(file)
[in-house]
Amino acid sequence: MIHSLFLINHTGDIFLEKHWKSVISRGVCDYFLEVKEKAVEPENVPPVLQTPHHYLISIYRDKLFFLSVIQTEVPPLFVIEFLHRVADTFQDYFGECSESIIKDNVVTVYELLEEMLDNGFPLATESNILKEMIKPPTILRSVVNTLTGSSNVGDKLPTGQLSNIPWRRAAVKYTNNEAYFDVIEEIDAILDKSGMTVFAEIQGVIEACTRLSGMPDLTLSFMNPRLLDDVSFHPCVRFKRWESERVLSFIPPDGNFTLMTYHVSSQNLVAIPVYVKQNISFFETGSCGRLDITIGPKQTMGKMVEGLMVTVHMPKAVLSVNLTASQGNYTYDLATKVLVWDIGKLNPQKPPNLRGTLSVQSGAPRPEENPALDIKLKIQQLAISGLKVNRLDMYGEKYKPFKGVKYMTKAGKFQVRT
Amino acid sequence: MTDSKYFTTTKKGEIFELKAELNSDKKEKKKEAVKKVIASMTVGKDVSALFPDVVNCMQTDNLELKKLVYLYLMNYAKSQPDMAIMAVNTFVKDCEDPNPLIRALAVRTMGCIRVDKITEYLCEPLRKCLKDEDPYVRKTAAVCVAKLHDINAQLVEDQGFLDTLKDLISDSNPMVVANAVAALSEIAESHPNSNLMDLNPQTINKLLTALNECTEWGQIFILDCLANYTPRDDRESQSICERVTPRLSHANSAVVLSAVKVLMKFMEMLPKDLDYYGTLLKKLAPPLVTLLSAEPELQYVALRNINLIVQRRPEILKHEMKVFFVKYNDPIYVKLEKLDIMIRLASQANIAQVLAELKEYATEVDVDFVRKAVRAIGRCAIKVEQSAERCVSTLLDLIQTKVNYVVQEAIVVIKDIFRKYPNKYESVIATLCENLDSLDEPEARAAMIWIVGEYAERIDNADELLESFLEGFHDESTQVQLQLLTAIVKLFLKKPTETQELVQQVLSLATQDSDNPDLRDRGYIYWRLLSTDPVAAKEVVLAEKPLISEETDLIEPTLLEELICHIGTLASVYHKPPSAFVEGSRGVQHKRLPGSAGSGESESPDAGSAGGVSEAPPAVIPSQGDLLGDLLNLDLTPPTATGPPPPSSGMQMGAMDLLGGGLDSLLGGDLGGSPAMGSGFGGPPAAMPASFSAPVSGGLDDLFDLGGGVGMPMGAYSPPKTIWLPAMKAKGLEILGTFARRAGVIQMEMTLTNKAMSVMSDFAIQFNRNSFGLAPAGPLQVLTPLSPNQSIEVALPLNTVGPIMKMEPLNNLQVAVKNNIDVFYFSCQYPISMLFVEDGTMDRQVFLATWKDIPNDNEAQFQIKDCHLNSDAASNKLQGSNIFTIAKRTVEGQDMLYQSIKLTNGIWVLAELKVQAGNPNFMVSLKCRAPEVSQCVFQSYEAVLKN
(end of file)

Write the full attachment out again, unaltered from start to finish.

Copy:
[in-house]
Amino acid sequence: MIHSLFLINHTGDIFLEKHWKSVISRGVCDYFLEVKEKAVEPENVPPVLQTPHHYLISIYRDKLFFLSVIQTEVPPLFVIEFLHRVADTFQDYFGECSESIIKDNVVTVYELLEEMLDNGFPLATESNILKEMIKPPTILRSVVNTLTGSSNVGDKLPTGQLSNIPWRRAAVKYTNNEAYFDVIEEIDAILDKSGMTVFAEIQGVIEACTRLSGMPDLTLSFMNPRLLDDVSFHPCVRFKRWESERVLSFIPPDGNFTLMTYHVSSQNLVAIPVYVKQNISFFETGSCGRLDITIGPKQTMGKMVEGLMVTVHMPKAVLSVNLTASQGNYTYDLATKVLVWDIGKLNPQKPPNLRGTLSVQSGAPRPEENPALDIKLKIQQLAISGLKVNRLDMYGEKYKPFKGVKYMTKAGKFQVRT
Amino acid sequence: MTDSKYFTTTKKGEIFELKAELNSDKKEKKKEAVKKVIASMTVGKDVSALFPDVVNCMQTDNLELKKLVYLYLMNYAKSQPDMAIMAVNTFVKDCEDPNPLIRALAVRTMGCIRVDKITEYLCEPLRKCLKDEDPYVRKTAAVCVAKLHDINAQLVEDQGFLDTLKDLISDSNPMVVANAVAALSEIAESHPNSNLMDLNPQTINKLLTALNECTEWGQIFILDCLANYTPRDDRESQSICERVTPRLSHANSAVVLSAVKVLMKFMEMLPKDLDYYGTLLKKLAPPLVTLLSAEPELQYVALRNINLIVQRRPEILKHEMKVFFVKYNDPIYVKLEKLDIMIRLASQANIAQVLAELKEYATEVDVDFVRKAVRAIGRCAIKVEQSAERCVSTLLDLIQTKVNYVVQEAIVVIKDIFRKYPNKYESVIATLCENLDSLDEPEARAAMIWIVGEYAERIDNADELLESFLEGFHDESTQVQLQLLTAIVKLFLKKPTETQELVQQVLSLATQDSDNPDLRDRGYIYWRLLSTDPVAAKEVVLAEKPLISEETDLIEPTLLEELICHIGTLASVYHKPPSAFVEGSRGVQHKRLPGSAGSGESESPDAGSAGGVSEAPPAVIPSQGDLLGDLLNLDLTPPTATGPPPPSSGMQMGAMDLLGGGLDSLLGGDLGGSPAMGSGFGGPPAAMPASFSAPVSGGLDDLFDLGGGVGMPMGAYSPPKTIWLPAMKAKGLEILGTFARRAGVIQMEMTLTNKAMSVMSDFAIQFNRNSFGLAPAGPLQVLTPLSPNQSIEVALPLNTVGPIMKMEPLNNLQVAVKNNIDVFYFSCQYPISMLFVEDGTMDRQVFLATWKDIPNDNEAQFQIKDCHLNSDAASNKLQGSNIFTIAKRTVEGQDMLYQSIKLTNGIWVLAELKVQAGNPNFMVSLKCRAPEVSQCVFQSYEAVLKN